"Terakoya" as place for basic education for Deaf children in 1850's (Edo period)

"Terakoya", a private school

There was a private basic school, called "Terakoya", during the Edo period, generally run by one teacher who was a monk or once a samurai before.

Among 3,090 'Terakoya' schools, 266 schools (8.6 percent) accepted the children with physical disabilities according the study by Ototake Iwazo (1929). The largest number of pupils were the Deaf-mute.

Because those who did not have the ability to perform physical labor were considered useless, the parents of children with disabilities sent their children to these private schools hoping for their children’s future independence.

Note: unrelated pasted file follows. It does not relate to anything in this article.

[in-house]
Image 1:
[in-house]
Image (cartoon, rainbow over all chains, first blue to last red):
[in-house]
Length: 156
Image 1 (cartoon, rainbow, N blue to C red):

These students were educated in inclusive classrooms, and the teachers devised and modified the traditional instruction and materials according to their needs. For the Deaf children, the teacher collected daily necessaries, toys, picture books, etc., and taught them Chinese characters by connecting with a thing or a picture. 

Some of them became skilled in writing Chinese characters gradually. Moreover, the skilled Deaf pupil was able to communicate with a hearing person in writing about what he wanted to say.

It is unknown about how many Deaf children were educated exactly at Terakoya. However, each such goodwill promoted the education of Deaf children in Japan.

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